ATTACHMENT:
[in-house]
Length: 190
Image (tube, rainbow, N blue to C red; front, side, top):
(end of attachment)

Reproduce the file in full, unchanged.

[in-house]
Length: 190
Image (tube, rainbow, N blue to C red; front, side, top):